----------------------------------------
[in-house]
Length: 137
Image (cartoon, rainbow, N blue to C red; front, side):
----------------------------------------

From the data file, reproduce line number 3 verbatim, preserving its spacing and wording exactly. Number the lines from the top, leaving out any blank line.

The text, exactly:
Image (cartoon, rainbow, N blue to C red; front, side):